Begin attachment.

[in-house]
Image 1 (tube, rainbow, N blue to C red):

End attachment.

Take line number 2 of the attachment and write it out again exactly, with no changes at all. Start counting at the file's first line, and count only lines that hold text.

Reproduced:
Image 1 (tube, rainbow, N blue to C red):